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‘Super Mario Maker 2’ Finally Acknowledges Nintendo Fan Communities

It was the best-selling game of June, with IGN calling it “the most accessible game design tool ever created, and that core is just one part of a greater whole…”

Since its launch three weeks ago, fans have already built over 2 million custom stages, NPR notes — but the real news is that Super Mario Maker 2 finally represents a shift in Nintendo’s attitude towards its fan community:
It’s Nintendo’s reliance on the creative spirit of these dedicated players that makes the Super Mario Maker series such a quietly radical property within the Nintendo canon… By loosening its grip on a beloved property and tossing the keys to the player community, Nintendo feeds into the fan-obsessive tendencies they’ve previously refused. With the Super Mario Maker series, Nintendo acknowledges the history of competitive speedrunning, tournament play, and even the masochistic fan games that have made their games visible and interesting in an entirely different way. It’s the rare Nintendo game that is depending on those players, creators, and spectators to keep it alive. Super Mario Maker 2 has only been out for a few weeks, but already we’ve seen how the game’s deceptively complex course editor has led to the community making some astounding levels…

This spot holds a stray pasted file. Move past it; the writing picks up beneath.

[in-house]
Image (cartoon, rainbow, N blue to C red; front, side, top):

Nintendo has always been old-school in the way they rely on offline experiences, downplaying the kind of online communities that other developers prioritize. Ironically, it is that indifference that has made fan communities formed around Nintendo games feel singular and special — they’re smaller, more intimate, and regulated by the players themselves. With the Super Mario Maker franchise, Nintendo finally acknowledges the power and influence of its most obsessive fans — by creating something that couldn’t thrive without them.

IGN argues that “it’s astonishing how incredibly well it’s all held together in one cohesive package… It does nearly everything better than its already excellent predecessor, introducing some incredible new ideas, level styles, building items, and so much more – all while maintaining the charm of Mario games we know and love.”

And Slashdot reader omfglearntoplay writes “If you like old games from the 1980s, this is your game.”


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